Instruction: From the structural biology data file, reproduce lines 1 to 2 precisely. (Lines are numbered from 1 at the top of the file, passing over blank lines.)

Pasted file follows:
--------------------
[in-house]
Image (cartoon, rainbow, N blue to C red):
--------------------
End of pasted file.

[in-house]
Image (cartoon, rainbow, N blue to C red):